Being Present

My lovely wife Lisa loves to observe human behavior around her. Being a scientist, she attempts to draw conclusions based on those observations (and then test those hypotheses and, eventually, write up a lab report). I learn a lot from these observations as she often notices patterns I don’t always see. The other day she pointed out something that she had noticed. She said that, in her experience, the most successful people with whom she had spoken were always completely present.

They weren’t checking emails while listening to a speaker. They weren’t wearing their bluetooth earpiece when they were in the middle of a conversation. In fact, their cellphone was never in evidence, let alone sitting in plain sight on the table. When you spoke with them, they never looked over your shoulder seeking a “better” conversation.

They were always there in the moment, as if what they were doing was the most important thing in the world.

Now, maybe they had “people” to take care of these things for them, but I prefer to believe instead that they have learned something about the petty distractions that modern life has thrown in our path…

…and they’ve rejected them.

This is something I know I struggle with. While I’m pretty good about maintaining my focus when I’m chatting with someone, I do have my Droid phone with me almost always. It’s so easy in a quiet moment to pull it out and just “check the email”. You know, just in case there are any emergencies. Guess what, though. On those extremely rare occasions when something has come up, there wasn’t much I could do until after whatever it was that I was already doing had ended. The only thing that reading the email did for me was make me distracted for the remainder of the event.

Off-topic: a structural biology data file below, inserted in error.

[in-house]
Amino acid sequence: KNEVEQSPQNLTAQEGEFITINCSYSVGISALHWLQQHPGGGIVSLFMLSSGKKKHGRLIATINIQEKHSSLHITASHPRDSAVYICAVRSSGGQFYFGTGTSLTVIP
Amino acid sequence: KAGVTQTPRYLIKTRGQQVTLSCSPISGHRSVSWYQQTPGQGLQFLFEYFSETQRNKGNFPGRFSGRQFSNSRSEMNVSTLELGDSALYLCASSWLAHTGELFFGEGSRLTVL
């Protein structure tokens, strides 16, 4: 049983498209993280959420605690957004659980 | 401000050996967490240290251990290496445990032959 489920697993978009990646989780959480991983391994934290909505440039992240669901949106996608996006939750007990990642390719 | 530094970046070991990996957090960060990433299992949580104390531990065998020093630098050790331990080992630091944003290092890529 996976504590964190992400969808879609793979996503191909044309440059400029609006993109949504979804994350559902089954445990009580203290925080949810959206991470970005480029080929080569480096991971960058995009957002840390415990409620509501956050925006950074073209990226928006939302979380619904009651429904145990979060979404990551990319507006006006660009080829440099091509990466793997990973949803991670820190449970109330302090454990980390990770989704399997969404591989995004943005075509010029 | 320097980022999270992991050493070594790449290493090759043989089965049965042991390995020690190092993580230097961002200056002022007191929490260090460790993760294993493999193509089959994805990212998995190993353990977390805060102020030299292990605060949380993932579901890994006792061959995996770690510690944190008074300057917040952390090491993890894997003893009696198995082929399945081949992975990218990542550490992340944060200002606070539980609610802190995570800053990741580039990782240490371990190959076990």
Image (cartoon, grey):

I’ve spoken before about keeping our focus on the person we are with. Looking around for someone more important” doesn’t impress anyone. It’s certainly not going to lead to any stronger relationships.

Now, I’m not saying there aren’t emergency situations which justify our having the phone on hand. Lisa and I are expecting our second child at the end of February, so you can imagine that my cell is always charged and at my side. If we’re honest with ourselves, though, 99.99% of the time, we are using these bits of technology to escape the now. Oh, and the whole “looking over the shoulder” thing? I can’t think of a single good reason for that behavior.

So, for me, one of my goals for this year is to be present in every networking situation. Of course, as I’ve mentioned, I’m nowhere near perfect. If you should happen to see me being distracted, call me on it.

After all, isn’t that what friends do for friends?

Photo credit: Mykl Roventine

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About Greg Peters

Greg Peters, president and founder of The Reluctant Networker, LLC, is a business networking specialist. He works with trade associations on both the local and national level to create a culture of better connections and greater opportunity. Find out more at www.TheReluctantNetworker.com or gpeters@thereluctantnetworker.com.

3 Comments

  1. I've discovered the joy of turning my phone to "silent" during times when it is important not to be interrupted.

    There are almost no events in my life that require an immediate response. Sometimes that's hard to remember, but it's true.

  2. Hi, Spencer

    I agree with you 100%. Maybe, just maybe, that other person is in a business where being immediately available is vital to his success. Personally, I think that's a matter of training the client. Tim Ferris in "The Four-Hour Work Week" talks about how his cell phone is for emergencies only and he has no qualms about disconnecting from anyone who chooses to abuse that privilege.

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